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Achieving urban water conservation: testing community acceptance




Snodgrass, Robert Warren, author
Hill, Duane W., author
Colorado Water Resources Research Institute, Environmental Resources Center, Colorado State University, publisher

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Employing a Q-Sort Factor Analytical Design, this study sought to develop a system for parametric representation of non-linear data structures using data acquired from representative samples of entire communities. The representations are specified in terms of a spatial metric "social space," an analog of psychological space. The defined social space is then characterized and used to define the community action zone which is hypothesized to a zone of community acceptance for those policies falling within its bounds. Such a zone for the communities of Lafayette and Louisville, Colorado was used to define socially and politically feasible water conservation policies for the communities. Policies with the highest feasibility for acceptance were legal restrictions on water use and restrictions on growth and development. The next most feasible were horticultural techniques and economic solutions. Reuse for agricultural purposes also appeared to have some political feasibility. This study demonstrated the usefulness of survey research in delineating viable water conservation programs.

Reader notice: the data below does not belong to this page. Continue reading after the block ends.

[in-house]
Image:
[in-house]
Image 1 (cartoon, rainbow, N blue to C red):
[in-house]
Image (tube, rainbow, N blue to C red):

Submitted to Office of Water Research and Technology, U.S. Department of Interior.
September 1977.

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Water conservation -- Public opinion


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